WSU Tri-Cities researchers use fungi to replace chemical fertilizers

Fungi act as biofertilizer, form symbiotic relationships with plant roots to collect water, nutrients



Arbuscular mycorrhizal fungi can help plants absorb light and water. They expand the plant’s root zone and act as a biofertilizer.

TRINITY WILLSEY, Evergreen reporter

A team at WSU Tri-Cities is researching a type of fungus that could replace chemical fertilizers in crops.

The team is working to see if applying inoculants that contain arbuscular mycorrhizal fungi can help plants absorb light and water, said KC Cifizzari, biology graduate student. The team wants to reduce fertilizer use and provide alternative management strategies.

Using the fungi would not require growers to fertilize their crops every year, said Tanya Cheeke, assistant professor in WSU’s School of Biological Sciences. Once the fungi are added it would serve as a biofertilizer for the plants.

“One of the things about these fungi is that once you add them to the soil, as long as they’re not killed in some way, they are generally self-propagating,” Cifizzari said.

The fungi are sold at farm stores and online, Cheeke said. They come in packages and are added to the plants as an alternative to chemical fertilizer. The fungi can be used in a wide variety of crops and are an important part of sustaining agro-ecosystems.

The fungi are beneficial to vineyards because of the two-year crop systems, Cheeke said. The fields are not tilled every year so the organisms have time to grow and take up nutrients.

The fungi form symbiotic relationships with plant roots and form threads that can collect nutrients and water for plants, Cheeke said. They expand the plant’s root zone and act as a biofertilizer.

The team has completed one greenhouse project so far and saw that the fungi increased wine grape growth, Cifizzari said. When no fertilizer is added or the plants are grown in low-nutrient soils, the fungi work the best. But if environments have high nutrient levels, they are not as successful.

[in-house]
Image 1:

“What we are predicting is that under low-nutrient conditions, the mycorrhizal fungi will help the grapevines get more nutrients,” Cheeke said. “We are expecting the plants that are inoculated to be bigger, and also to have more nutrients in their leaves.”

The experiment was done with Merlot and Chardonnay wine grape varieties, which are two common red and white varieties in the area, Cheeke said.

During the greenhouse experiment, the Merlot plants responded more strongly to the fungi than the Chardonnay plants, Cheeke said.

The greenhouse project is funded by the Washington State Wine Commission, Cifizzari said.

Cheeke applied and received different grants for her research from the Washington State Grape and Wine Research Program and the BIOAg program from WSU’s Center for Sustaining Agriculture and Natural Resources, she said.

There is an ongoing field study with Merlot plants that were planted in August. The plants will be analyzed next fall during harvest, Cifizzari said. It is a two-year study so there will be results in 2022.

The results of the field study are expected to be different from the greenhouse project because the plants will face natural weather conditions and microbial organisms in the soil, Cheeke said.

Phylloxera, an insect pest to grapevines is a problem in Washington, so grapevines are now being planted on phylloxera-resistant rootstocks, Cheeke said.

In the field research study, the Merlot plants were planted on their own and different rootstocks to test how the plants respond to the fungi, Cheeke said.

Other researchers have analyzed the fungi in other cropping systems, Cifizzari said.

The only crops the fungi cannot be used with are brassicas, which include broccoli, cauliflower, kale and collards, Cifizzari said.

“It would be really interesting to test them in potatoes because potatoes grow underground so they are having more physical contact with the fungi there,” Cifizzari said.

Some agricultural practices, like chemical fertilizers or pesticides, can cause harm to the fungi and cause it to die, Cheeke said.

Growers are hesitant to use the fungi because they do not know if it will actually work, Cheeke said. There is a lot of interest in the research, but more fieldwork results need to be collected before growers feel comfortable replacing their chemical fertilizers.

“The goal is definitely to help growers because Washington wine markets itself as sustainable,” Cifizzari said.